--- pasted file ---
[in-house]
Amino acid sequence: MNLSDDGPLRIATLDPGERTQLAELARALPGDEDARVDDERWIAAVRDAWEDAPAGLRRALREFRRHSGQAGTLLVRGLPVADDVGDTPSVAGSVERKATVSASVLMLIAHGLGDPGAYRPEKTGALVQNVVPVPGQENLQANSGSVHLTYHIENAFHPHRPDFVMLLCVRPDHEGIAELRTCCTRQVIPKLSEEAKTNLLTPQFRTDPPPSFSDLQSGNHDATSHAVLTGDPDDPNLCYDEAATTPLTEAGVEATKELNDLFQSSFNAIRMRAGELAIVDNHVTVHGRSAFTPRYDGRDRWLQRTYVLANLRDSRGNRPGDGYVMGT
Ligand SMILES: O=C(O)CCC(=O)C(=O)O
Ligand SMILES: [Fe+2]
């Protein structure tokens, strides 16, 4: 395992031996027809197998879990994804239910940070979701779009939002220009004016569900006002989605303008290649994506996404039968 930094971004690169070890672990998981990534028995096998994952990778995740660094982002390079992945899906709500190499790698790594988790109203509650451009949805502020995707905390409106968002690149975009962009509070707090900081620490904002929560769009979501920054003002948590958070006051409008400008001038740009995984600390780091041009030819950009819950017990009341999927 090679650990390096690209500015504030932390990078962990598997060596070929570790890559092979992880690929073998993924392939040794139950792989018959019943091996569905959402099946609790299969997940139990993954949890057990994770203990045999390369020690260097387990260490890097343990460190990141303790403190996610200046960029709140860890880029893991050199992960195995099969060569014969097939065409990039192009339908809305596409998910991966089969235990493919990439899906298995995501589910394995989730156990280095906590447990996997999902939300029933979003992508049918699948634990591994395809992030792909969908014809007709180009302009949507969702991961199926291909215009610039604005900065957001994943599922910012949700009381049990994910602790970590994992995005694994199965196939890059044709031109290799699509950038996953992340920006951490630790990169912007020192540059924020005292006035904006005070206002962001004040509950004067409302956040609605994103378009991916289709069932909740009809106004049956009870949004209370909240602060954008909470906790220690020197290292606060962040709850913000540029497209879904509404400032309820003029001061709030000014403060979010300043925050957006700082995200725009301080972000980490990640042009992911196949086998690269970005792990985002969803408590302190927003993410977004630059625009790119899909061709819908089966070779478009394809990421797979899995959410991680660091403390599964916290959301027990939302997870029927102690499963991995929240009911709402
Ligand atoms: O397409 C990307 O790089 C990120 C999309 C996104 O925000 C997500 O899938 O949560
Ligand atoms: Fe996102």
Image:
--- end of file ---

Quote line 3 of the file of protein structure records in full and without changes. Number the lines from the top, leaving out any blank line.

Ligand SMILES: O=C(O)CCC(=O)C(=O)O